There is an additional concern here. If the young person in treatment is involved in twelve-step work then we believe that it is important that the parents also experience twelve step work in their own lives.  Normally, that would mean taking an active role in Al-Anon, Nar-Anon, or Families Anonymous.

Therefore our guidelines are

  • Every program accepting residential clients will either keep families focused on issues parallel to the person in residential treatment or will be out front that they are not effectively preparing young people to return to their own homes, as opposed to moving on to boarding schools.
  • Every school and program encourages parent work with a competent family therapist back home closely coordinated with the school or program.  When a therapist back home is not available the school or program itself will take responsibility for addressing family issues seeking results comparable to what his happening with the young person in treatment.
  • Every program accepting residential clients will be sure that the families of these residential clients correct patterns in their family systems that jeopardize the success of the client. Preferably the programs systematically apply methods based upon the principles developed by Minuchin, Bowen, Satir, Ackerman and others associated with them, as those principles have been updated. As a second choice, every family is confronted about interaction consistent with the Karpman Drama Triangle. It is not necessary that every short term program implement this form of family intervention if those programs consistently recommend follow up at programs that will do so.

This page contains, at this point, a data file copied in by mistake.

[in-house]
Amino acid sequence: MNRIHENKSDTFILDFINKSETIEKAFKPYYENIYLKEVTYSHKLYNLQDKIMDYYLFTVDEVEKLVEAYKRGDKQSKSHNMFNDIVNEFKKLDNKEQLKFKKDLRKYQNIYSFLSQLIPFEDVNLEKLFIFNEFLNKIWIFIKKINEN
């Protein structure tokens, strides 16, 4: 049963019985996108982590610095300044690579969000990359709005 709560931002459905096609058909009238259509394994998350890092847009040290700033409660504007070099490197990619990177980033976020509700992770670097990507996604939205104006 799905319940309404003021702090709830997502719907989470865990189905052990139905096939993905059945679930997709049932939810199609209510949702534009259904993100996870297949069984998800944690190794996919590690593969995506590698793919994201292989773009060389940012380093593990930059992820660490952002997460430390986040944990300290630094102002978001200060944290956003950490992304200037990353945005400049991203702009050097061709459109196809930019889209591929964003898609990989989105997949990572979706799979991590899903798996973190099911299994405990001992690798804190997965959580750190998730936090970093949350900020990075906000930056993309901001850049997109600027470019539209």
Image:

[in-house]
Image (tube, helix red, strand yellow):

• Every program adheres to FamilyLightsm Guidelines for Transition and Aftercare.
  • We encourage and appreciate use of self-help groups such as Al-Anon, Nar-Anon (not to be confused with Narcanon which we do not recommend), and Families Anonymous. When a young person in treatment is involved in twelve-step work the program should also be requiring parents to participate in twelve-step work.  However, we do not believe that by themselves, these twelve step fellowships serve as an adequate substitute for the services recommended in the above bulleted items, no matter how important the twelve-step work is.

Feedback is invited. We will publish selected feedback.  Email

Disclaimer: No  program review, no matter how positive, is a blanket endorsement. No criticism is a blanket condemnation.  When we express our level of confidence in a school or program, that is our subjective opinion with which others might reasonably disagree.  When we assert something as fact, we have done our best to be accurate, but we cannot guarantee that all of our information is accurate and up to date. When we address compliance with our guidelines, you need to remember that these are only OUR guidelines -- not guidelines from an official source.  We have also set the bar very high, and do not expect any school or program to be in total compliance.  It is not appropriate to draw a conclusion of impropriety (or even failure to live up to conventional wisdom) from our lack of confidence in a school or program or from less than perfect conformity to our guidelines.  Some will say we expect too much. Readers are responsible for verifying accuracy of information supplied here prior to acting upon it. We are not responsible for inaccuracies.

Last updated 4-27-09